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217-The Bone Wars

By Greg and Sharon Ross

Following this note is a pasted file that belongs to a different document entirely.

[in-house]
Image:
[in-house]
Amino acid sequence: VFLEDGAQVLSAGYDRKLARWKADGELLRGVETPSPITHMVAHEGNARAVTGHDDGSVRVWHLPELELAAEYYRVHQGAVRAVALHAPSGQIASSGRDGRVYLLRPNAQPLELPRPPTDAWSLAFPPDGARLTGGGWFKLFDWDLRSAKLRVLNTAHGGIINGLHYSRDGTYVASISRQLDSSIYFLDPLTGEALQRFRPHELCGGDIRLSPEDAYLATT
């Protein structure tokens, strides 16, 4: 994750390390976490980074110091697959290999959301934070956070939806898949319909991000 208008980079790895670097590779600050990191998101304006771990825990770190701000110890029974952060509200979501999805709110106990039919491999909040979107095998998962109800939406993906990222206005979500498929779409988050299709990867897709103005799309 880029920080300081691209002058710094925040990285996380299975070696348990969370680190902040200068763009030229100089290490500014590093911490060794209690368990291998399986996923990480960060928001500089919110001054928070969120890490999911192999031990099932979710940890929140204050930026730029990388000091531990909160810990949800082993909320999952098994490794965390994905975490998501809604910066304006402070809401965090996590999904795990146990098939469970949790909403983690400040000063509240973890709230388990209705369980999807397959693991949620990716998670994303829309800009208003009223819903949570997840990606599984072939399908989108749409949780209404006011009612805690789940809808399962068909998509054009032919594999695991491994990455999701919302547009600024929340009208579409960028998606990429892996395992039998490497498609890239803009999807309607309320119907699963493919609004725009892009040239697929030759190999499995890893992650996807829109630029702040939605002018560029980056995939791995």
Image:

The end of the Civil War opened a new era of fossil hunting in the American West -- and a bitter feud between two rival paleontologists, who spent 20 years sabotaging one another in a constant struggle for supremacy. In this week's episode of the Futility Closet podcast we'll tell the story of the Bone Wars, the greatest scientific feud of the 19th century. We'll also sympathize with Scunthorpe and puzzle over why a driver can't drive. Intro: Nepal's constitution contains instructions for drawing its flag. The tombstone of Constanze Mozart's second husband calls him "the husband of Mozart's widow." Othniel Charles Marsh and Edward Drinker Cope. Sources for our feature on the Bone Wars: David Rains Wallace, The Bonehunters' Revenge, 1999. Mark Jaffe, The Gilded Dinosaur, 2000. Elizabeth Noble Shor, The Fossil Feud, 1974. Hal Hellman, Great Feuds in Science, 1998. Tom Huntington, "The Great Feud," American History 33:3 (August 1998), 14. Richard A. Kissel, "The Sauropod Chronicles," Natural History 116:3 (April 2007), 34-38. Keith Stewart Thomson, "Marginalia: Dinosaurs as a Cultural Phenomenon," American Scientist 93:3 (May-June 2005), 212-214. Genevieve Rajewski, "Where Dinosaurs Roamed," Smithsonian 39:2 (May 2008), 20-24. James Penick Jr., "Professor Cope vs. Professor Marsh," American Heritage 22:5 (August 1971). Alfred S. Romer, "Cope versus Marsh," Systematic Zoology 13:4 (December 1964), 201-207. Renee Clary, James Wandersee, and Amy Carpinelli, "The Great Dinosaur Feud: Science Against All Odds," Science Scope 32:2 (October 2008), 34-40. Susan West, "Dinosaur Head Hunt," Science News 116:18 (Nov. 3, 1979), 314-315. P.D. Brinkman, "Edward Drinker Cope's Final Feud," Archives of Natural History 43:2 (October 2016), 305-320. Eric J. Hilton, Joseph C. Mitchell and David G. Smith, "Edward Drinker Cope (1840–1897): Naturalist, Namesake, Icon," Copeia 2014:4 (December 2014), 747-761. John Koster, "Good to the Old Bones: Dreaming of Dinosaurs, Digging for Dollars," Wild West 25:2 (August 2012), 26-27. Daniel Engber, "Bone Thugs-N-Disharmony," Slate, Aug. 7, 2013. Walter H. Wheeler, "The Uintatheres and the Cope-Marsh War," Science, New Series 131:3408 (April 22, 1960), 1171-1176. Lukas Rieppel, "Prospecting for Dinosaurs on the Mining Frontier: The Value of Information in America's Gilded Age," Social Studies of Science 45:2 (2015), 161-186. Michael J. Benton, "Naming Dinosaur Species: The Performance of Prolific Authors," Journal of Vertebrate Paleontology 30:5 (2010), 1478-1485. Cary Woodruff and John R. Foster, "The Fragile Legacy of Amphicoelias fragillimus (Dinosauria: Sauropoda; Morrison Formation-Latest Jurassic)," PeerJ PrePrints 3 (2014), e838v1. Paul Semonin, "Empire and Extinction: The Dinosaur as a Metaphor for Dominance in Prehistoric Nature," Leonardo 30:3 (1997), 171-182. Jennie Erin Smith, "When Fossil-Finding Was a Contact Sport," Wall Street Journal Asia, June 10, 2016, A.11. Adam Lusher, "The Brontosaurus Is Back After 150 Million Years... At Least in Name," Independent, April 8, 2015, 10. Will Bagley, "Rivals Fought Tooth and Nail Over Dinosaurs," Salt Lake Tribune, March 25, 2001, B1. Clive Coy, "Skeletons in the Closet," Ontario National Post, Jan. 22, 2000, 10. Rose DeWolf, "Philly Is Facile With Fossils," Philadelphia Daily News, March 27, 1998, D.6. Mark Jaffe, "Phila. and Fossils Go Way Back," Philadelphia Inquirer, March 22, 1998, 2. Malcolm W. Browne, "Dinosaurs Still Star in Many Human Dramas and Dreams," New York Times, Oct. 14, 1997. John Noble Wilford, "Horses, Mollusks and the Evolution of Bigness," New York Times, Jan. 21, 1997. Jerry E. Bishop, "Bones of Contention: Should Dr. Cope's Be The Human Model?" Wall Street Journal, Nov. 1, 1994, A1. "Dinosaur Book Has Museum Aide Losing His Head," Baltimore Sun, Oct. 17, 1994, 6A. "The Bricks of Scholarship," New York Times, Jan. 21, 1988. Dick Pothier, "Fossil Factions: Dinosaur Exhibit Points Out a Battle in Science," Philadelphia Inquirer, Feb. 9, 1986, B.14. Rose DeWolf, "Dinosaurs: Bone in the USA," Philadelphia Daily News, Jan. 24, 1986, 52. William Harper Davis, "Cope, a Master Pioneer of American Paleontology," New York Times, July 5, 1931. George Gaylord Simpson, "Mammals Were Humble When Dinosaurs Roved," New York Times, Oct. 18, 1925. "A Prehistoric Monster," Hartford Republican, Sept. 1, 1905. "The Scientists' New President," Topeka State Journal, Oct. 9, 1895. Listener mail: David Mack, "This Woman With a 'Rude' Last Name Started the Best Thread on Twitter," BuzzFeed News, Aug. 29, 2018. Natalie Weiner, Twitter, Sept. 6, 2018. Wikipedia, "Scunthorpe Problem" (accessed Sept. 6, 2018). Declan McCullagh, "Google's Chastity Belt Too Tight," CNET, April 23, 2004. Daniel Oberhaus, "Life on the Internet Is Hard When Your Last Name is 'Butts,'" Motherboard, Aug. 29, 2018. Matthew Moore, "The Clbuttic Mistake: When Obscenity Filters Go Wrong," Telegraph, Sept. 2, 2008. This week's lateral thinking puzzle was contributed by listener David Malki. You can listen using the player above, download this episode directly, or subscribe on Google Podcasts, on Apple Podcasts, or via the RSS feed at https://futilitycloset.libsyn.com/rss. Please consider becoming a patron of Futility Closet -- you can choose the amount you want to pledge, and we've set up some rewards to help thank you for your support. You can also make a one-time donation on the Support Us page of the Futility Closet website. Many thanks to Doug Ross for the music in this episode. If you have any questions or comments you can reach us at podcast@futilitycloset.com. Thanks for listening!

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